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Unformatted text preview: MELLWONS CHAPTER TWO SOLUTIONS Chapter Two Readings
Cohen, LB. “Galileo," Scientiﬁc American, August 1949, p. 40. Drake, S "Galileo's Discovery of the law of Free Fall," Scien tiﬁc American, May
1973, p. 84. Gingerich, "The Galileo Affair," Scientiﬁc American, August 1982, p. 132. Langford, J.J., Galileo, Science and the Church, 3rd ed., The University of
Michigan Press, Ann Arbor, Michigan, 1992. Salow, R., Thornton, J. and Siegel, P., "Is the Yellow Light Long Enough?," The
Physics Teacher, 31, 80, 1993 Zandy, J.F., "Galileo, Einstein, and the Church," American Journal of Physics,
61, 202, 1993 2.1 Distances traveled are
x1 = v1 t1 = (80.0 kin/h) (0.5 h) = 40.0 km
X2 = vz t2 = (100.0 km/h) (0.2 h) = 20.0 km
X3 = V3t3  (40.0 km/h) (0.75 h) = 30.0 km Thus, the total time is 1.7 h, and the total distance traveled is 90.0 km. (a) 9—f=%= 52.9 km/h (b) x — 90.0 km (see above) 2.2 (a) In the ﬁrst half of the trip, the average velocity is v = (X2 — x1)/ 20.0 s = +50.0 m/20.0 s  +2.50 m/s
(b) On the return leg, we have v = (X3  X2)/22.0 s  (0  50.0 m)/22.0 s =  2.27 m/s
(c) For the entire trip, 17 = (X3  x1)/42.0 s = 0/42.0 s  0 2.3 (a) Boat A requires 1 h to cross the lake and 1 h to return, total time 2h.
Boat B requires 2 h to cross the lake at which time the race is over, Boat
B being on the other side of the lake or 60 km from the ﬁnish .
(b) Average velocity is the displacement of the boat divided by the time
required to accomplish the displacement The winning boat is back
where it started, its diSplacement thus being zero yielding a zero
average velocity. x 84 x 10'2 m
2.4 =————‘ = . 4 = . 7
t v 3.5 x 106 5 24x10 8 66 h 9 min 21 s _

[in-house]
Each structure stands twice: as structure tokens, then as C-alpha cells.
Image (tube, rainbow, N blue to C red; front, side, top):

60 min/h + 3600 s/h ' 1156 h
. 385 yd .
and 26 miles + 1760 yd/mile = 26.22 miles
Thus, the average speed is 26.22 miles/2.156 h = 12.2 mph. 2.5 211+ 2.6 2.7 2.8 2.9 2.10 2.11 mﬁmm (a) V0,1==(X]_ — x0)/(At) = (4.0 m 0)/1.0 s = +4.0 m/s
(b) V0’4 = (X4  xo)/At= (—2.0 m» 0)/ 4.0 s =  0.5 m/s
(c) v15 = (X5  x1)/At= (0  4.0 m)/4.0 s =  1.0 m/s
(d) v05 = (xs  xo)/At= (0  0)/5.0 s = 0 (a) The time for the faster car is 10 miles/70 mph — 0.14 h, or 8.57 min.
The time for the slower car is 10 miles/55 mph = 0.18 h or 10.9 min.
The difference in time is 2.34 min. (b) When the faster car has a 15.0 min lead, it is ahead by a distance
equal to that traveled by the slower car in a time of 15.0 min. This
distance is given by: x= vt= (55 0 mi/h)(15 0 mix—M) = 13 3 mi. ’ ‘ 60.0 min ' The faster car pulls ahead of the slower car at a rate of: Vrelauve = 70.0 mph  55.0 mph = 15.0 mph. Thus, the time
required for it to get 13.8 mi ahead is: x 13.8 mi ts Vrelative _ 150 Eli/h 0.92011
Finally, the distance the faster car has traveled during the time it is
gainmg' a 13.8 mi lead is given by: X: Vt .. (70.0 mi/h)(0.920 h) = 64.4 mi. The distance traveled by the space shuttle in one orbit is
21c(Earth's radius + 200 miles) = 2::(3963 + 200) = 26,1563 miles . . . 26156.9 miles
and so the required time IS —_—“—19800 miles/h= 1.32 h The total time for the trip is t= t1 + 22.0 min = t1 + 0.367 h, where I1 is the
time spent traveling at 89.5 km/h. Thus, the distance traveled is
x= v t= (89.5 km/h)t1 = (77.8 1cm/h)(t1 + 0.367 h)
or, (89.5 km/h)t1 = (77.8 km/h) t1 + 28.5 km
From which, :1  2.44 h for a total time of t”= t1 + 0.367 h  2.81 h. Therefore, x= l7 t= (77.8 km/h)(2.81 h) = 218 km (a) The speed of the tortoise is Vt —— 0.1 m/s, and the speed of the hare is
Vh .. 20x0.1 m/s= 2.0 m/s.
Xt=Xh + 0.2 m
vtt= vh( t 120 s) + 0.2 In, or
(0.1 m/s)t= 2.0 m/s(t 120 s) + (0.2 m).
From which, t= 126 s.
(b) xt= Vtt= (0.1 m/s)(126 s) = 12.6 m Let It be the maximum time to complete the trip.
I total distance 1 1600 m 1 km/h
t' needed average speed ' 250 km/h 0.278 m/s
The time spent to complete the ﬁrst half, q, is
t half distance 800 m 1 km/h _1251&
1 = vlave 230 km/h 0273 m/s  = 23.02 5. Thus, the maximum time that can be spent on second half of the trip is I: .. tt  t1 = 23.02 s  12.51 s = 10.51 s,
and the required average speed on the second half is 2.16 2.17 2.18 2.19 2.20 2.21 2.22 2.23 2.24 CHAPTER TWO SOLUTIQNS = (—2.0 In — 4.0 m)/1.5 s